78 A report received from a Zaghawa man who was shot in the back in the Guéréda area, apparently as a result of reprisals against the Zaghawa by the Tama, could not be confirmed.

79 The distinction of civilian from combatant is a fundamental principle of international humanitarian law in all armed conflicts, but this distinction is complicated by the development of community-based self-defense forces. In case of doubt whether a person is a civilian, that person is considered a civilian. See International Committee of the Red Cross, Customary International Humanitarian Law, Rules 1 and 7, citing Protocol I, articles 48, 51(2), 52(2); Protocol II, article 13(2).

80 Human Rights Watch interviews, Dar Tama, Chad, November 8-10, 2006.

81 The two Zaghawa men who were killed that day are said to have been Bideyat Zaghawa related to President Déby, though this is unconfirmed. Human Rights Watch interview, Tama displaced person, Kounoungo refugee camp, Chad, November 9, 2006 and Sudanese Zaghawa affiliated with the SLA, N’Djamena, Chad, November 25, 2006.

82 Human Rights Watch interviews, Guéréda and Kounoungo refugee camp, Chad, November 8-10.

83 Human Rights Watch interview, Tama displaced person, environs of Guéréda, Chad, November 9, 2006.

84 Though the IMC identified the attackers as Goran, it is more likely that they were Burogat Zaghawa, a Zaghawa subclan that resulted from intermarriage between the Goran and the Zaghawa. In Human Rights Watch interviews conducted in Dar Tama with Tama victims of violence, many assigned responsibility to the Burogat, but none mentioned the Goran. Human Rights Watch interviews, Dar Tama, Chad, November 8-10, 2006.

85 “Heavy fighting leaves many dead and wounded in Chad; International Medical Corps providing emergency care,” International Medical Corps press release, July 6, 2006, (accessed December 21, 2006).

86 UNHCR, “Sudan/Chad Operations Update 62,” UNHCR, September 10, 2006 (accessed December 21, 2006.

87 Human Rights Watch interviews, Guéréda, Chad, November 8-10, 2006.

88 Human Rights Watch interview, environs of Guéréda, Chad, November 9, 2006.

89 Human Rights Watch interviews, Dar Tama, Chad, November 8-10, 2006.

90 Human Rights Watch interview, Kounoungo camp, Chad, November 7, 2006.

91 Human Rights Watch interview, Guéréda, Chad, November 9, 2006.

92 Human Rights Watch interview, Guéréda, November 10, 2006.

93 A Tama man from the same village was subsequently killed by two Zagahawa gunmen attempting to steal his horse. Village elders asked that Human Rights Watch not identify the name of the village for fear of reprisals by Zaghawa militants. During the course of a visit, Human Rights Watch observed two armed men on horseback immediately outside the village; both were dressed in civilian clothing, with military-style magazine pouches strapped across their chests. The two were identified as Zaghawa who had stolen cattle in the past; people in the village surmised that they had returned with robbery in mind but turned away either because they heard or saw a vehicle approaching (that of Human Rights Watch) or because there were too many people in the village because of the funeral, and the gunmen were afraid of provoking an angry mob. Human Rights Watch interview, Tama village, east of Guéréda, Chad, November 9, 2006.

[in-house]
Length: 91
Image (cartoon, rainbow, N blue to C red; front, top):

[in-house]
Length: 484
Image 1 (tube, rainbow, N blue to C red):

94 Human Rights Watch interview, Tama village, east of Guéréda, Chad, November 9, 2006.

95 Human Rights Watch interview, Guéréda, Chad, November 9, 2006.

96 Human Rights Watch interview, Kounoungo, Chad, November 9, 2006.

97 Human Rights Watch interviews, refugee leaders and Tama displaced persons, Kounoungo camp, Chad, September 8-9, 2006.

98 Human Rights Watch interview, Kounoungo camp, Chad, November 9, 2006.

99 Human Rights Watch interview, Barari, Chad, November 9, 2006. While Human Rights Watch did not collect any evidence to suggest that the looting of Arab villages in Dar Tama was politically motivated, it is perhaps worth noting that the Tama-led Chadian rebel insurgency counts many Arabs in its ranks.

100 An action that is apparently not without precedent: Zaghawa sources in N’djamena report that Chadian government officials distributed arms to Zaghawa citizens in Guéréda before and during the April 13 attacks. Human Rights Watch interview, Chad, April 2006. Human Rights Watch was unable to verify these allegations.

101 Human Rights Watch interview, Tama village east, of Kounoungo camp, Chad, November 9, 2006.

102 Human Rights Watch interviews with international humanitarian aid workers, eastern Chad, October to November 2006.

103 Human Rights Watch interviews with international humanitarian aid workers and Sudanese rebel representatives, Chad, October to November 2006.

104 A Human Rights Watch researcher was informed that the research into Zaghawa-Tama violence could put him and his interview subjects in danger. The Zaghawa secretary general of Guéréda was identified as a threat. “He is a very dangerous man,” a Tama village leader told Human Rights Watch. “If he knows you are investigating this (violence) he will kill you, and say that it was the rebels who did it.”

105 A chef de canton is a senior member of the traditional leadership structure that predates the civil administration but continues to the present day. Under the French colonial administration, the chef de canton was the lowest rung of the colonial administration, collecting taxes, calling up recruits, and arresting wrong-doers. See Martin Klein, “Review: Traditional Political Institutions and Colonial Domination,” African Historical Studies, vol. 4, no. 3, 1971, p. 660.

106 Human Rights Watch interview, Guéréda, Chad, November 10, 2006.